3) “Any economic system is good only insofar as it promotes human flourishing—tell me honestly that you think that products like “Playboy” or places like Disneyworld (or suburbia, for that matter) are socially good and contribute to human flourishing.”

    I have never said that capitalism doesn’t allow for bad or immoral things. In fact, Mises himself says that capitalism increases some bad with the good in a free society. It’s inevitable. However, am I forced to stare at Playboy magazines? Do Mickey Mouse mascots run all over the country rounding up families and shipping them off to this concentration camp known as “Disney World?” Am I forced to live in suburbia? The answer to all of these is no. Because of capitalism, I have the freedom to choose the products and services that are noble and virtuous while I may shun those that are bad/immoral.

    Let me reiterate: A capitalist society is not a utopian society. Men are depraved and evil, thus evil things will happen in any society, capitalist or not. However, the capitalist tradition (which came out of the Reformation), provides us with a more prosperous society that, as Christians, gives us more economic, political, and cultural freedom to make an impact. If your gripe is that society is immoral, don’t blame capitalism. Blame Christians who haven’t stepped up to use their freedom to make a profound cultural impact.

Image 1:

4) “Capitalism, you see, depends on the (libertarian) assumption that people ought to be able to pursue their perceived good. You and I both know how wrong this is: remember that “In Israel there was no king and everyone did what was right in his own eyes.””

    No, I don’t know how wrong this is. I like law. Therefore, I study to be a lawyer. Stephen likes computers, so he studies to be a computer scientist. You like philosophy, you study to be a philosopher.

    Oh wait…that’s teh evilz because we’re all doing what’s right in our own eyes! How could we do such a thing?

    5) “Have you ever noticed that the “prosperity” of society is often inversely proportional to its virtue?”

    That’s very interesting. Could you provide me a link so that I can measure the statistical levels of virtue across nations ranging from very prosperous to very poor? If you could find percentages, that would be really swell. Point is: you can’t use a term like “proportional,” unless there’s a numerical quantity involved. There’s a lot of good people in prosperous societies and there’s a lot of good people in poor ones. Likewise, there’s a lot of bad people in prosperous societies and there’s a lot of bad people in poor ones.